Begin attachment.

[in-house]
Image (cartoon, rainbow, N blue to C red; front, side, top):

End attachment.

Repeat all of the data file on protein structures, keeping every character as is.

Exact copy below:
[in-house]
Image (cartoon, rainbow, N blue to C red; front, side, top):